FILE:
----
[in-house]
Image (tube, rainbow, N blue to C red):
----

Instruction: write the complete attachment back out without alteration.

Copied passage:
[in-house]
Image (tube, rainbow, N blue to C red):